How do Americans and non-Muslims view Eidul Azha?

Published: September 15, 2016

Muslim men attend Eid prayers to mark the end of Ramadan in the Queens borough of New York, USA. PHOTO: REUTERS

This year, a controversy surrounded the arrival of Eidul Azha, the second most important holiday in Islam, involving the holiday’s date, as the Express Tribune reported: American Muslims on edge as Eidul Azha looks set to fall on September 11th.

Muslims abroad, especially in the United States, faced the prospect that celebration would coincide with a day of mourning of those killed at the World Trade Centres. As a result, some Muslim leaders prepared for tension between their community and anti-Muslim bigots. In the New York Times, Linda Sarsour, executive director of the Arab American Association of New York, said,

“Our community is like, ‘What are we supposed to do?’ I should not have to think about that. What am I supposed to tell my kids?”

Her statement comes in context of a recent murder, in the New York borough of Queens, of an imam and his assistant, though the investigation has not determined whether this is a hate crime or related to a dispute between the Hispanic community and the mosque.

Nevertheless, just as the actions of terrorists committing acts in the name of Islam do not represent Muslims, the acts of anti-Muslim bigots do not represent non-Muslims, though we must remain vigilant against both elements.

Fortunately, due to the sighting of the moon, this year’s Eid began on September 12th  in the US. And so this year’s Eidul Azha passed without additional controversy.

But how do Americans and non-Muslims view Eidul Azha?

Very few would know that there are two Eids, the other being Eidul Fitr, or that Eidul Azha commemorates how Abraham (or Ibrahim) offered his son Ishmael as sacrifice, and the divine intervention saved him from carrying out the act – even though many Jews and Christians are familiar with this parable. Outside the Muslim community, the holiday does not merit much attention.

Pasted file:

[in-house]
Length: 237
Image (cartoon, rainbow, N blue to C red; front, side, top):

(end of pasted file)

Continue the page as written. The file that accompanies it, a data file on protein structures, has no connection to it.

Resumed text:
To find out more, I talked to Muslims that I know personally in our community in the Pacific Northwest as to how they approach the holiday, including those from Somalia, Lebanon, Pakistan, and Afghanistan. Without exception they claimed to celebrate this year’s Eid quietly with family and friends, exchanging gifts, with prayers at the mosque, and if the holiday falls on a school day they might take their children out of class. But none feared any repercussions from society at large. If there were to be any controversy on a broader scale, it would have come from the animal rights activists who oppose the sacrifice of animals (a minor concern).

As Muslims adapt and integrate more with the west, the west will have a reciprocal understanding, and society will progress, a good development. Thus we should take words by Dean Obeidallah into account, who recently wrote at the Daily Beast,

“I’ve never been more optimistic about our future in America…. I’m sure the years ahead will be challenging ones for the Muslim American community. But the anti-Muslim hate we see now will fade—our nation’s history tells us so. Jews and Catholics before us endured similar barbs, slurs, and fears, and in time overcame them. Deep in my heart, I am certain that we, too, will overcome.”

What he said.

Caleb Powell

Caleb Powell

The writer is a Polish/Persian American and worked overseas for eight years, in East Asia, the Middle East, and South America. He now lives in the Pacific Northwest with his family. He Tweets @sonofmizrahi (

The views expressed by the writer and the reader comments do not necessarily reflect the views and policies of The Express Tribune.